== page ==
As with all DFI motherboards, except the ‘Blood Iron’ range, there is a POST LED debug display. There are six three-pin and two four pin headers to install a wide range of fans. Clearly this board has been designed for maximum effect in regards to the use of fans.

CPU Area-Click to Enlarge

Power ON-Reset Switches

Around the POST debug display the afore mentioned power/reset switches, as well as the floppy drive connector. These days a floppy drive is rarely used and in the coming motherboard generations it should be phased out completely, along with the IDE connector! As usual DFI have chosen to utilize eight SATA ports. Six on the INTEL ICHR-10 and two on the J-Micron controllers.

Swiftly moving to around the back of the system board, there are two gigabit LAN ports and Six USB Slots. In addition there are the obligatory IEEE1934 headers.

Thermal Array

The thermal array itself is of a very high quality and feels solid. The heatsinks are mounted via nuts and bolts, rather than just the cheap ‘plastic pressure clips’ that have been used in the past with other board manufacturers. However, it could be said that this is the top of the range UT board, ‘no wonder that they use bolts’ A counter statement to this argument would be that DFI uses the same bolt-mounting practice through-out their entire range.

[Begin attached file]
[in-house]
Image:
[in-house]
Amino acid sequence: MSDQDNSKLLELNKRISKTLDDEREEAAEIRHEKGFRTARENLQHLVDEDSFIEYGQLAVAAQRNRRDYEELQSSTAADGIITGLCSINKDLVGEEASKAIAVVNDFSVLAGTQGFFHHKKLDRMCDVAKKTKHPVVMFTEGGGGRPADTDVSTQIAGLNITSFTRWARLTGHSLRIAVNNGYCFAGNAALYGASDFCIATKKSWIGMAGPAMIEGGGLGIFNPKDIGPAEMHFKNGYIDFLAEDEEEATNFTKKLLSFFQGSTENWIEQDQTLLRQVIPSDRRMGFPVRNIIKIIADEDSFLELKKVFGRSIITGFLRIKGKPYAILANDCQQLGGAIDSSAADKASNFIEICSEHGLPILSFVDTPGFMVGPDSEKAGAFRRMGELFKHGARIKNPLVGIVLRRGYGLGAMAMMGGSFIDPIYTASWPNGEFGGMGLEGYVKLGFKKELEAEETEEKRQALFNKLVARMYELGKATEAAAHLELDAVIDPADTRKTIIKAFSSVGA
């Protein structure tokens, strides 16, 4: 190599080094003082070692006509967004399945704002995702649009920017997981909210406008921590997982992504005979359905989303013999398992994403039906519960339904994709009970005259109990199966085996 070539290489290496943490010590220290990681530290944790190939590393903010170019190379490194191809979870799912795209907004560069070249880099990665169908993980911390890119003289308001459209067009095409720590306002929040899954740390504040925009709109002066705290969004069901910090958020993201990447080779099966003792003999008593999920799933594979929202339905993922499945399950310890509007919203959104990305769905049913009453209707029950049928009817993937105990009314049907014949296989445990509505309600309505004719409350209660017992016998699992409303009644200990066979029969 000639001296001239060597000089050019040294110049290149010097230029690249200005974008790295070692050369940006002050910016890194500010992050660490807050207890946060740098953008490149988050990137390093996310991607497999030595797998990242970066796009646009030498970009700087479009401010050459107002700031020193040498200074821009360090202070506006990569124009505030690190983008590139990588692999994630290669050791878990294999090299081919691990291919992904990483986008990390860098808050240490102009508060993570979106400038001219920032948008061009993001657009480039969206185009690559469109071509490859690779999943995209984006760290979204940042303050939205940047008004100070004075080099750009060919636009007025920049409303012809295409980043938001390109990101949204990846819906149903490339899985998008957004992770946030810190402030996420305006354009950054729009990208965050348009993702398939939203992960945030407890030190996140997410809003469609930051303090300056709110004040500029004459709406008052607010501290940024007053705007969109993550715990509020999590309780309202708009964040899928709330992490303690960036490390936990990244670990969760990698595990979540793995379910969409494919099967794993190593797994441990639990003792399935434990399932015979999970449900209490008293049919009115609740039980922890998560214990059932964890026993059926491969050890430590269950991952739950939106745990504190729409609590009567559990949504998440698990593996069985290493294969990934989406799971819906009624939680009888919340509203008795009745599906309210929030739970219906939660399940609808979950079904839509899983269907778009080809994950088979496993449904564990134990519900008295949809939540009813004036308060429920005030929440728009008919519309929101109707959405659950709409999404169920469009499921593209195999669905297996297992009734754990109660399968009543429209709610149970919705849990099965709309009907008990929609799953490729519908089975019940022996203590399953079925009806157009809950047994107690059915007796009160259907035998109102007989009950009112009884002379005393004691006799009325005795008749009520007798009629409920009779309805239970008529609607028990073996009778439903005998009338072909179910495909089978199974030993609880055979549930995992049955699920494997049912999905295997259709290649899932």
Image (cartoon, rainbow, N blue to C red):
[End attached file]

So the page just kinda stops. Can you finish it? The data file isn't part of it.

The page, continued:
Thermal Array Mounting Method

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Various Northbridge Angles

Southbridge Angles

PWM Heatsink Angles

A major flaw in the array however, is the fact that the heatsinks have connected sections. In other words if one wishes to cool the Northbridge via a water block then one would also have to change the PWM and Southbridge heatsinks at the same time. In essence this would be a major burden to some of the more extreme of cooling enthusiasts. However, this problem is not insurmountable, just a major inconvenience, considering the lesser priced P45 DK T2RSB+. The afore mention board has a removable Northbridge block, without having to replace the Southbridge and PWM sinks. DFI needs to pay close attention to the P45 UT T2RS thermal array and to not use this solution again on future boards

Under the Hood!

One of the things that www.gilgameshreviews.com likes to do is to take of the whole heatsink array in order to see how DFI have chosen to apply the thermal paste to various sections of the board.

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As clearly shown by the amount of residue paste on the boards main components, DFI have done a great job in making sure all of the surface area on the chips have thermal paste. There have been some other board manufacturers in the past where only half of the component is covered in a paste. Moving onto the type of thermal paste DFI have used and judging by past experience, DFI use Shin-Etsu compound. Which unlike most compounds it is a solid substance rather than a paste and is extremely hard to spread. Indeed the substance itself is very expensive, costing as much as £6 (eight dollars) per gram. However its performance cannot be called into question, as the links below substantiate.

Editor’s Note - Unfortunately, due to unforseen circumstances, the review for this board has been discontinued.  Please accept our most humble apologies.  This is the one and only review at this site that will be incomplete.